Strange Monsters Reviewed in Midwest Book Review

The second review for Strange Monsters is in from Midwest Book Review!

Strange Monsters: A Music & Words Collaboration is a unique hybrid of audiobook anthology and music CD. Each track consists of a brief fiction story (or poem) set to contemporary jazz music and performed by actors. The tales meld elements of surreal fantasy and fearful suspense: Rumpelstiltskin’s wife is questioned by police over the disappearance of a local boy; a cursed ballerina who yearns only to dance must deal with an obsessive fan and the hatefully jealous director of her ballet company; a group of do-nothing friends in love with the same woman discover disturbing skeletons of extinct animals on a treacherous camping trip; and more. Haunting, ethereal, and unforgettable, Strange Monsters is music-storytelling fusion experience like no other. Highly recommended. The tracks are “The Stink of Horses”, “Mrs. Stiltskin”, “Skeletons”, “No Eyes”, “Selected Poems”, and “Where You Came From”.

For more information on the album, along with links for purchase at Amazon, CDBaby, and iTunes, click here.

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“Sisters” in Grendelsong

I’ve always been interested in the little-explored pieces of the original Little Mermaid story: the lives of the sisters, the weird concept of souls, the sea witch’s back story. I wrote a story about all these things. Today it’s been reprinted online in Grendelsong: https://grendel-song.com/2016/05/07/sisters-bonnie-jo-stufflebeam/

“Sisters” originally appeared in SCHEHEREZADE BEQUEST.

“The Split” in Masters Review

In 2011 I moved to Eugene, Oregon, where I was alternately and sometimes simultaneously very happy and very sad. In Oregon I learned independence and grew into myself as a writer and as a person, but I missed my family in Texas terribly.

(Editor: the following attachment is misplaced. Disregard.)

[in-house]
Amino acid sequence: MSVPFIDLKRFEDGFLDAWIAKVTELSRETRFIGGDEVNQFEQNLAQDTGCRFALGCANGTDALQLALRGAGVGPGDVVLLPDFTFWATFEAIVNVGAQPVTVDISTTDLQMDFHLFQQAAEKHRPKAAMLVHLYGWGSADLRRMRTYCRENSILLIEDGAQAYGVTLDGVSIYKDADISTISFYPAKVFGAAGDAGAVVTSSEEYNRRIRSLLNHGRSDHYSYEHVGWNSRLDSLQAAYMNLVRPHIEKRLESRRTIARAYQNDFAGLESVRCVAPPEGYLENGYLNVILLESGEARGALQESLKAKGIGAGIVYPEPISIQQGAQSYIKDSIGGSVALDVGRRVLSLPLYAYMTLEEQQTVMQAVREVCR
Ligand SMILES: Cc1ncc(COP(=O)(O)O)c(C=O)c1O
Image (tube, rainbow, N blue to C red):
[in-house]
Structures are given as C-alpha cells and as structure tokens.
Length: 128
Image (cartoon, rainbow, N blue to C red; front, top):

In 2012 I wrote a story and used my experiences. “The Split” is about a woman who, upon moving to Oregon with her girlfriend, discovers that she has literally split in half, leaving part of herself at her childhood home.

Today that story appears in one of my favorite magazines, The Masters Review. It took four years to find the perfect home; I think there’s a lesson in there about persistence and the subjectivity of editorial taste, maybe something about creativity as emotional outlet. But also, there’s just a story: https://mastersreview.com/new-voices/the-split-by-bonnie-jo-stufflebeam/

“The Centaur’s Daughter”

“The Centaur’s Daughter” (published in A Capella Zoo, 2015) was reviewed at New Pages:

Bonnie Jo Stufflebeam’s “The Centaur’s Daughter” achieves a more nuanced approach to a queer text. First and foremost a coming of age narrative, Ruby’s queerness is one part of her character. Ruby is half centaur and queer, and Stufflebeam uses language reminiscent of a mixed-race family to discuss Ruby’s parentage. When Ruby narrates, “I’m a combination of my parents, and so they will never understand me,” she speaks from a place of real cultural confusion. Her teenage life is not like the “Centaursploitation movies” Stufflebeam references, and while Ruby loves her centaur father, she is also frightened of him and embarrassed by him. Stufflebeam’s piece makes queerness familiar because Ruby is a queer character, but she is so much more in ways that are both relatable and strange.

The story is available in print and free online.

Two stories in Eleven Eleven

I’ve got two stories in the recent issue of Eleven Eleven: “Feeding the Skeleton Cats” and “Tornado Season.”

I wrote “Tornado Season” during, well, tornado season, after obsessively checking the TorCon and worrying over the arrival of my storm shelter, after crouching in my hallway with a mattress pad over my head while tornado sirens sounded, after setting up five weather alerts on my phone. I’m terrified of storms. To try to take some of the power out of that fear, I wrote a story, an exercise in free writing, about a couple in a weather-ravaged post-apocalypse trying to escape the weather and their memory.

I wrote “Feeding the Skeleton Cats” as a third in a skeletons series (“Skeletons” and “The Mammoth” are the other two stories). Every time I thought I was done writing about walking, living skeletons as metaphor, I come back to them. I’m not scared of skeletons, but I am scared of failing as a writer, and the main character in this story is a failed writer whose house is infested with the skeleton cats of the title.

Read them both here: http://elevenelevenjournal.com/2015/11/04/bonnie-stufflebeam/